Recently Massive Open Online Courses (MOOCs) have shaken up the blogosphere and media reports on higher education. These courses make use of open digital resources for learning and have attracted hundreds of thousands of online learners at no cost. A digital resource for learning can be a written text, pictures, slides, videos, a 3-D simulation or a website combining all of them into ready-made curricula including tools for (self-)assessment for educators or learners. More and more digital resources with open licenses facilitate educators and learners in editing, improving, and adapting to different learning situations inside or outside of the classroom and in turn share their own work with the online community. These open digital resources provide the foundation for a borderless exchange of teaching and learning methods in many different fields. But a potential conflict exists between open learning resources and the quality of those resources. Restrictions on the certification of the creators of such content or the access to learning materials through paywalls have to some degree defended the quality of those resources in the past. How can creators ensure that their digital resources meet an appropriate level of quality and how can users be certain that said resources are worth their time?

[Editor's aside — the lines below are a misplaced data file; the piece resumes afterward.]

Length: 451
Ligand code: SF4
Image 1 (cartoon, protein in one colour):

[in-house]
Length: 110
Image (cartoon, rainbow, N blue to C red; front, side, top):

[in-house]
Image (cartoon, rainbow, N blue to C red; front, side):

The LINQ conference will bring together current initiatives from all areas of education - schooling, adult learning, informal and on-the-job learning - to demonstrate their online resources and methods of quality development and thereby address this potential conflict. An example of such an initiative is VOA3R (Virtual Open Access Agriculture and Aquaculture Repository), a European research project consortium of a variety universities and research centres. This group is building a hub for resources in agriculture and aqua-science through a social network in which researchers can share, comment and rate content. Through the VOA3R platform advances are being made in the sharing, reciprocal reviewing, and rating of learning innovations in the aforementioned fields, thereby addressing the important aspect of learning quality which should accompany learning development. These advances have proven of great interest to the Global Headquarter of United Nations' organization Food and Agriculture Organization (FAO) - LINQ conference host and supporter of the VOA3R project.
In Rome, discussions will deal with the following questions:
· How can the quality of resources be improved and what does “quality” actually mean for teachers, learners and institutions?
· Are teachers and educational institutions ready to make use of the wealth of resources and how do they find the “right” thing?
· Will the future of digital resources be determined by metadata, i.e. the data about data, feeding databases and search engines?
· What must be done to ensure that we can still access valuable resources in 15 years from now (think about your files from 1998)?